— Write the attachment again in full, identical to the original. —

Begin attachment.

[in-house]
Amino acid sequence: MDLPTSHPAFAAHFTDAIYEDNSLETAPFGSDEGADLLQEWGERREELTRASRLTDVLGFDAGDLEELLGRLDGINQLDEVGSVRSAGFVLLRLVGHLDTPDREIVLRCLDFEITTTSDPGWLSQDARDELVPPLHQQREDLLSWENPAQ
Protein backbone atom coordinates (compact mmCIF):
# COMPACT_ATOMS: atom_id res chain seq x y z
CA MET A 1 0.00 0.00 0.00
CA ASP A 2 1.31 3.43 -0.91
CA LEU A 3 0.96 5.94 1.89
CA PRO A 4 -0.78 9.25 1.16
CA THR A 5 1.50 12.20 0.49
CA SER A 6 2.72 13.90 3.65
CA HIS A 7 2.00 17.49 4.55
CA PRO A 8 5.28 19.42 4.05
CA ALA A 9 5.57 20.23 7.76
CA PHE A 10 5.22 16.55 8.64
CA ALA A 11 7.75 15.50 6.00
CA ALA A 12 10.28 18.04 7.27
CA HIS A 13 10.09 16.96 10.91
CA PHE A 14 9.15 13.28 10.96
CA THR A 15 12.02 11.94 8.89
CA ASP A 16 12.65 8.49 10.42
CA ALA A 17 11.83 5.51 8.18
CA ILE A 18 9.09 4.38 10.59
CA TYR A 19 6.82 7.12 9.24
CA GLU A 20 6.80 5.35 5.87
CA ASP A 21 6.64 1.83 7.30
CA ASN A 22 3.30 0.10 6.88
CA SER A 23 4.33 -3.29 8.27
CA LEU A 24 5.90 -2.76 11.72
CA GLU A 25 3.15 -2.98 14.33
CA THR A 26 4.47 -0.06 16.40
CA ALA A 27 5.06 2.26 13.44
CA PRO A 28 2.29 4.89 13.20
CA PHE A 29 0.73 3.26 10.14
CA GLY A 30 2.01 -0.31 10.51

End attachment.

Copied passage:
[in-house]
Amino acid sequence: MDLPTSHPAFAAHFTDAIYEDNSLETAPFGSDEGADLLQEWGERREELTRASRLTDVLGFDAGDLEELLGRLDGINQLDEVGSVRSAGFVLLRLVGHLDTPDREIVLRCLDFEITTTSDPGWLSQDARDELVPPLHQQREDLLSWENPAQ
Protein backbone atom coordinates (compact mmCIF):
# COMPACT_ATOMS: atom_id res chain seq x y z
CA MET A 1 0.00 0.00 0.00
CA ASP A 2 1.31 3.43 -0.91
CA LEU A 3 0.96 5.94 1.89
CA PRO A 4 -0.78 9.25 1.16
CA THR A 5 1.50 12.20 0.49
CA SER A 6 2.72 13.90 3.65
CA HIS A 7 2.00 17.49 4.55
CA PRO A 8 5.28 19.42 4.05
CA ALA A 9 5.57 20.23 7.76
CA PHE A 10 5.22 16.55 8.64
CA ALA A 11 7.75 15.50 6.00
CA ALA A 12 10.28 18.04 7.27
CA HIS A 13 10.09 16.96 10.91
CA PHE A 14 9.15 13.28 10.96
CA THR A 15 12.02 11.94 8.89
CA ASP A 16 12.65 8.49 10.42
CA ALA A 17 11.83 5.51 8.18
CA ILE A 18 9.09 4.38 10.59
CA TYR A 19 6.82 7.12 9.24
CA GLU A 20 6.80 5.35 5.87
CA ASP A 21 6.64 1.83 7.30
CA ASN A 22 3.30 0.10 6.88
CA SER A 23 4.33 -3.29 8.27
CA LEU A 24 5.90 -2.76 11.72
CA GLU A 25 3.15 -2.98 14.33
CA THR A 26 4.47 -0.06 16.40
CA ALA A 27 5.06 2.26 13.44
CA PRO A 28 2.29 4.89 13.20
CA PHE A 29 0.73 3.26 10.14
CA GLY A 30 2.01 -0.31 10.51